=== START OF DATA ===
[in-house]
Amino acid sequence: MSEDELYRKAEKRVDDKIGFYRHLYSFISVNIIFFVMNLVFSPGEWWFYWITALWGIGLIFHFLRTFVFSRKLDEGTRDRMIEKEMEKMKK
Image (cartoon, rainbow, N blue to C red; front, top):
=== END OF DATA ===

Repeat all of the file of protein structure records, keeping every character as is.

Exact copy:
[in-house]
Amino acid sequence: MSEDELYRKAEKRVDDKIGFYRHLYSFISVNIIFFVMNLVFSPGEWWFYWITALWGIGLIFHFLRTFVFSRKLDEGTRDRMIEKEMEKMKK
Image (cartoon, rainbow, N blue to C red; front, top):